The Big Picture- Can Media Platforms be Alternatives to the Parliament
The Winter Session of Parliament has witnessed disruptions and chaos as the Opposition raised issue of demonetization in both the Houses. Since the Winter Session of Parliament in 2013, this session has recorded maximum number of lost hours. According to PRS Legislative research figures, Lok Sabha has seen only 15% productivity and Rajya Sabha only 18% productivity of the available time. This has resulted in almost total washout of the ongoing Winter Session of Parliament. The focus of politicians these days is to make statement outside the Parliament rather than discussing on the crucial issues within the confines of Parliament.
Media platforms cannot replace the Parliament because both are essential parts of democracy and both have separate functions. One is legislative body discussing policies, decisions and laws to be made. Media is supposed to project or shape public opinion which can influence all the institutions. Both are needed by the society and public. Parliament forces accountability over the Government to the MPs and people through the MPs. Press adds to the power of the people to enforce accountability of the decision makers. What is happening is Parliament gets adjourned and they rush to the media. If Parliament passes laws in peace, media’s role will be reporting and analyzing the deliberations later on. Media needs sound bites and it is not discussing the issues through those sound bites.
This is not a good precedent being set up. Earlier also there were issues but they were discussed in Parliament and the Government was answerable to the Parliament. It was in the late 90s that some kind of protests started taking place inside the House because of lack of responsiveness from the Government but now things have escalated. This itself has become a kind of protest now. In no Parliament in the world, complete session gets washed out. Positions are taken not on merit of the issue but on personal convenience. Politicians need to behave and take stand on the issues irrespective of their own benefits and media needs to play a role here. They are subverting the democratic procedure because treasury benches’ disrupting the proceedings is unprecedented.
Parliamentarians are not realizing the importance of the functions they perform. Parliament will lose credibility this way. The forum for discussion and passing the laws has to be the floor of Parliament whether the opposition or the Government’s case is strong. This behavior however is not seen in committee meetings because it is not open for telecast to put an impact on viewers.
The present Government has majority in the Lok Sabha. There is a general tendency in the Governments to not allow Adjournment motion or Censure motion. Adjournment motion is introduced in the Parliament to draw attention of the House to a definite matter of urgent public importance, and needs the support of 50 members to be admitted. As it interrupts the normal business of the House, it is regarded as an extraordinary device. It involves an element of censure against the government and hence Rajya Sabha is not permitted to make use of this device. Government has nothing to be afraid of here.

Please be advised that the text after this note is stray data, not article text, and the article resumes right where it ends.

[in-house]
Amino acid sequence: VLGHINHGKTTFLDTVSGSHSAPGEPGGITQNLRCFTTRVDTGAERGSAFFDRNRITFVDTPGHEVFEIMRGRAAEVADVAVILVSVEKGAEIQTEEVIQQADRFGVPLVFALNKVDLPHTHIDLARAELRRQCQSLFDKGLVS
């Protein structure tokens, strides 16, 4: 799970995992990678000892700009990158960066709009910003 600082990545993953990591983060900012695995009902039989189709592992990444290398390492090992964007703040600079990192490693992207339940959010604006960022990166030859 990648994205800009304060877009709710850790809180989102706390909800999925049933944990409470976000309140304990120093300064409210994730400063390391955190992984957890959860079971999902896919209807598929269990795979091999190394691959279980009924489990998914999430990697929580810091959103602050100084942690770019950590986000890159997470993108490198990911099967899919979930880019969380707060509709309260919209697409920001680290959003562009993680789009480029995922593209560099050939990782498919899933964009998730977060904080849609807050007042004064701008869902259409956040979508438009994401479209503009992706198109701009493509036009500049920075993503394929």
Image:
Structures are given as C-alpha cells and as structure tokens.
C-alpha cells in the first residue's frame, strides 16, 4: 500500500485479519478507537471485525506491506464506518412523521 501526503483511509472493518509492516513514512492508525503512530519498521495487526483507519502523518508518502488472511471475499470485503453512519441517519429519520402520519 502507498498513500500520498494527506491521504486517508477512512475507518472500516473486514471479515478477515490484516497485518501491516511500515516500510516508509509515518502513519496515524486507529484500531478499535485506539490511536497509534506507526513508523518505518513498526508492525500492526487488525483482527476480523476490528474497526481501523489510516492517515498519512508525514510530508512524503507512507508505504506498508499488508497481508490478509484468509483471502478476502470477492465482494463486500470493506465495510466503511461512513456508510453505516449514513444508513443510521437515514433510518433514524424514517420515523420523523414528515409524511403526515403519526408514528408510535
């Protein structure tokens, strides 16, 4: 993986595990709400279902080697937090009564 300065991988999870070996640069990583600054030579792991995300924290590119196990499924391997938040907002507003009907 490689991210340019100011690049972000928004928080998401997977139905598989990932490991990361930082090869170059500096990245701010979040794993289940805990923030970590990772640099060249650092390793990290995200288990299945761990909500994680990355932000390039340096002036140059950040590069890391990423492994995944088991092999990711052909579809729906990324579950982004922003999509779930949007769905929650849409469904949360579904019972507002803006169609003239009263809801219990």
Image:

It would give satisfaction to the Opposition that it has raised this motion. Stopping this will only aggravate the situation. Similarly if the Opposition demands a motion under Rule 184 in which the motion for which notice is being given, complies with the stipulations in the rule, then it should be allowed. The presiding officer has to be conscious of the rights of the Opposition as well. Government does not like to see dissent being voiced in the Parliament. The culture of thoroughness is missing. Even during pre emergency days, some of the good Bills were accepted from the Swatantrata Party which was in Opposition. Tolerance of dissent is very important.
If every critic of the Government is termed anti-national or ill motivated or inspired from across the border, then there cannot be certainly healthy discussion. In a democracy or history as such, people come and go but institutions are important. The countries and civilizations are important. Institutional decay of Parliament must not happen. Both Parliament and media are cornerstones of democratic structure. Media is behaving in the most funny manner particularly the electronic media in this regard.
Main issue in this sesion of the Parliament was PM’s participation in the proceedings regarding demonetization. Prime Minister has a constitutional duty to come to the House, explain the decisions that he has taken to both the Houses because he is the person who is in charge for ensuring executive accountability to Parliament. Prime Minister has this constitutional obligation. Prime Minister moving out of the House when there is a ruckus is no solution without getting it back into order. Particularly on an issue like demonetization, he has to be in the House which put an impact on each and every citizen of the country. Consensus has to be arrived at for various issues on every policy as well as in running the Parliament also which should come from Prime Minister himself. If people lose faith in Parliament, the consequences would be disastrous.